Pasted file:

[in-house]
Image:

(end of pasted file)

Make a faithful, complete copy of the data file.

[in-house]
Image: